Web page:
Monday, July 09, 2007

Old Fort MacArthur Days

Want to see what I got up to this weekend?

Well, I decided to join the 9th Legion, a group of re-enactors that gear up as 1st Century Roman soldiers, and in my spare time I've been making my kit...

So far I have made my pileus (Phrygian cap - yes it looks like a smurf hat) and my cingulum (military belt). My wife and her friend Julie made my tunica (tunic), fascia ventralis (10ft long sash-like "underbelt") and my focale (neckerchief - important - protects the neck when you wear the armor).

These guys make everything themselves, except for the helmets and the gladii (swords). Yup, everything else, so I have a long way to go...

So, anyway, this past weekend was my first "event", Old Fort Macarthur Days. It's a fundraiser for the military museum at Fort Macarthur in San Pedro, and they have re-enactors representing military units throughout history, from Roman times up to Vietnam. First such event I'd ever been to, and I have to say I think I'm hooked. I dig history, especially military history, and just being at an event like this means you soak up so much information. Love it.

OK, on to the pictures:


This is our encampment around 7:30am Saturday, when I rolled in. That embroidered standard up front is a real work of art and took over a hundred hours to make. The picture doesn't do it justice. In the background is my decanus (squad leader) Scipio. He's the guy who's been helping me make my gear. Note the smurf hat. Mine's just like it...


Civil War Confederate encampment just across the way from us. Lot of guys in this group, looked like they were having a good old time.

This guy was representing a German noble from the High Middle Ages I guess. Beautiful full plate armor. He must have been cooking - it was a hot day.


German unit, WWI. These guys had their stuff together...



A group of Norsemen out of Northern California (well, their gear at least). Had I not hooked up with the Legion, I might have wound up with these guys. Still might, if I ever get around to making a mail shirt...



WWII Us GI unit. Sorry, but I didn't find out which one. Look like airborne to me, maybe FHB can help me out here...



WWII Japanese unit practicing Kendo while some American Revolutionaries look on...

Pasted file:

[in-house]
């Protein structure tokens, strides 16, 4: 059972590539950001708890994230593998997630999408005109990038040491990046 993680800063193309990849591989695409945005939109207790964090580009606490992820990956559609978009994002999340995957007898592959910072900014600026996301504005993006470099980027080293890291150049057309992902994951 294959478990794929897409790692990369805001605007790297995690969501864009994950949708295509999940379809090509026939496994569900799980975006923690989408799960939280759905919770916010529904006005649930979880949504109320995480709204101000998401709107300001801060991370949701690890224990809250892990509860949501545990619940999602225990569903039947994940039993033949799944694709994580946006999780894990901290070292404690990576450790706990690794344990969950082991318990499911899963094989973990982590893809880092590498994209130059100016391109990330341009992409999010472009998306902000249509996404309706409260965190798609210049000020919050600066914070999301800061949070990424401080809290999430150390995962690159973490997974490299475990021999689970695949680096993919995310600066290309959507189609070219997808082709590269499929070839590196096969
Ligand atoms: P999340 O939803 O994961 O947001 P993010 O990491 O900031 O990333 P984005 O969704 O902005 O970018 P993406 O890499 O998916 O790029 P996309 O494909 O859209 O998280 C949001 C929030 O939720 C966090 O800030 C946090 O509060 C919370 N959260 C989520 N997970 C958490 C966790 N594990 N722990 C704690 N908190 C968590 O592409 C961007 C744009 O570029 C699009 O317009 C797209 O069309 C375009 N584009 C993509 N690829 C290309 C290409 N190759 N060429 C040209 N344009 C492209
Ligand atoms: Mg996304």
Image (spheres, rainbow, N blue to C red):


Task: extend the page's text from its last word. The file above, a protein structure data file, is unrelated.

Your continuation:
Obligatory random Gatling gun shot...

And last, but not least, a shot of your humble narrator in his gear. Not a very flattering one, but what the hell. I do intend to drop some pounds before I make my Lorica segmentata (segmented armor)...


The chain shirt - called Lorica hamata - weighs in at around 35-40lbs. The scutum (shield) is another 18-20. Helmet and gladius - another 6-10lbs or so. I wore/ carried this stuff pretty much constantly from around 9 am to 4pm, when I got out of it all to get ready to leave. My shoulders still hurt.
I had a great time. It was the first time I had met most of these Legion folks, and they made me feel very welcome. The food they laid on was great.
Throughout the day I got to interact with the public, letting them get a feel for the gear we were wearing, answering their questions (when I could - still pretty new at this), and most importantly, listening to the more experienced members hold forth and learning from them. A most excellent way to receive a history lesson. Can't wait for the next event.

7 comments:

Todd said...

Looks mighty cool. I think I'd get a kick out of doing the WWII re-enactment.

From the standard in the background, it looks like those guys are part of the 82nd Airborne Division.

phlegmfatale said...

Wow - very cool!

That looks like a grand experience - all the different groups in their period attire.

You look good in your get-up, though I was expecting the smurf-hat. What is/was the smurf hat made of? Is it a molded cotton or something?

phlegmfatale said...

felted?

Kevin said...

Thanks for the ID, Todd.
It depends, Phlemmy. Some guys make 'em out of linen, some out of wool felt. Mine is felt. It doubles as padding for the helmet too.

DirtCrashr said...

The Span Am war dude has a Krag, kewl!

Mushy said...

Is that not cooler than hell!

Man, you would have made a helleva Roman soldier dude! Mean looking, kinda Viking looking, but tough as nails!

So many reenactors in one general area...never knew that happened. Great shots...thanks for posting this!

Had a history teacher my freshman year that made us make shields and other implements from the Roman period and they counted as part of your grade.

Kevin said...

Very kind of you to say so Mushy, although there's a bit more of a belt overhang than I'd like, if you know what I mean...